Flinn, like so many other boys his age, loves dinosaurs and pirates. One day at school his teacher sends him to a walk-in cupboard to look for the pens he needs to colour a dinosaur picture. While inside, Flinn hears the sound of a man crying. He is amazed to find Captain Stubble, a pirate, shaking and shuddering on the floor under a curtain. The reason for Captain Stubble’s despair is that his ship has been stolen. Flinn offers to help him get it back, and out of nowhere three of his friends appear, all clamouring to join in the adventure.
Suddenly the back of the cupboard falls away and they find themselves on board a pirate ship. Captain Stubble appoints Flinn as the new captain, as he would rather be the cook. Off they sail in search of the lost ship, the ‘Acorn’. After a long voyage they spot it through their telescope but are horrified to see that it has been taken over by pirate dinosaurs, with a mighty Tyrannosaurus Rex at the helm. They bravely attack, and soon all the dinosaurs except for T Rex jump overboard. Flinn challenges Tyrannosaurus to a duel, and miraculously keeps going until the dinosaur surrenders. Tyrannosaurus promises to be good from then on, and is so impressed by Flinn that he appoints him as the new captain of the dinosaur pirates.
Flinn, however, suddenly realises he should be back at school. They sail home while Stubble cooks shark’s fin stew for everyone. Back on shore the children wave goodbye to Stubble and Tyrannosaurus Rex, then clamber back into the school cupboard. As they creep into the classroom, Miss Pie has just finished reading a story to the class. She wonders what Flinn and his pals have been up to, but they just smile at each other and say, “Nothing really at all.”
Giles Andreae has taken two popular groups of characters in the form of pirates and dinosaurs to create a fast-paced adventure that could hardly fail to be a success, especially among young boys. When I asked a group of four-year-olds which stories they would like to repeat in their drama sessions at the end of the school year, “Captain Flinn and the Pirate Dinosaurs” was one of their three choices. (The other two were Julia Donaldson’s “A Squash and a Squeeze” and “Courtney” by John Burningham.) It is easy to see the appeal. It is, however, hard to overlook the parallel with C.S. Lewis’ “The Lion, the Witch and the Wardrobe” when Flinn and company fall through the back of the cupboard. Pre-school children of course are unlikely to be aware of this similarity. Even so, whilst there is excitement and a bravely fought duel, the story is neither original nor intriguing. The ending is also somewhat of an anticlimax.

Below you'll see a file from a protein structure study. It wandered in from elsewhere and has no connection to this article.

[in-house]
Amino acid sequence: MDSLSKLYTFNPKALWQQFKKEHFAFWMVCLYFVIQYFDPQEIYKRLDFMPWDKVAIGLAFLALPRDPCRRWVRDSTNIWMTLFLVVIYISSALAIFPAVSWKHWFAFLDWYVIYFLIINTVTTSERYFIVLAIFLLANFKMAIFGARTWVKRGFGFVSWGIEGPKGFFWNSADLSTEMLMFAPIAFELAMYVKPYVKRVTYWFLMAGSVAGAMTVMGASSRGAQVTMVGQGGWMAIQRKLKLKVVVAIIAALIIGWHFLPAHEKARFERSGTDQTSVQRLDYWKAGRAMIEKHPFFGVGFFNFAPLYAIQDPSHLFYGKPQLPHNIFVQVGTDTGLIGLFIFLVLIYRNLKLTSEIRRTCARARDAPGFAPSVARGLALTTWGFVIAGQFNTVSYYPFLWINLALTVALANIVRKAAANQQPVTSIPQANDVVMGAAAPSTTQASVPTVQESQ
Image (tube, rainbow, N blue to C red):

“It is not the greatest, most imaginative story, but children of that age may not be so critical.”
Russell Ayot’s illustrations for “Captain Flinn and the Pirate Dinosaurs” are bold, humorous and highly colourful. Tyrannosaurus in his pirate rig-out has evil eyes and deadly sharp teeth, confronting puny Flinn who bravely wields his silver cutlass with a determined expression. At one point we see a fascinating cross-section of the ‘Acorn’ with almost toothless pirate prisoners tied up below deck, and Tyrannosaurus Rex grinning in anticipation as he watches Stubble (who has a great deal of stubble) stirring the stew. There’s even a bemused little blue parrot. Smoke puffs out from the kitchen against a scarlet sky.
“Captain Flinn and the Pirate Dinosaurs” is definitely a read-aloud story rather than a book for a child learning to read. The text is superimposed on the illustrations, usually on a light-coloured background but occasionally on red or blue. Some words and phrases appear in a larger font for emphasis, and one or two are in capitals in a font that looks like handwriting. Exclamation marks abound. A lot of young children are familiar with the names of various species of dinosaur that appear here, such as stegosaurus and triceratops, but that does not of course mean that they would find them easy to read. Phrases such as “All hands on deck!” or “Right, me hearties” lend authenticity to the pirate theme, but here again originality is sadly lacking.
“Captain Flinn and the Pirate Dinosaurs” is a particularly lively book that is more than likely to hold the attention of children, especially boys, aged from three up to six or perhaps seven. It is not the greatest, most imaginative story, but children of that age may not be so critical. One or two of the illustrations could be frightening for a very young child, but on the whole they are amusing and bring the story to life. This is a picture book that may not be the favourite for the adult reader, but could be very popular with a child that loves action with pirates or dinosaurs or both.
“Captain Flinn and the Pirate Dinosaurs” by Giles Andreae (Author) and Russell Ayto (Illustrator)
Puffin, 2006, Paperback, 32 pages
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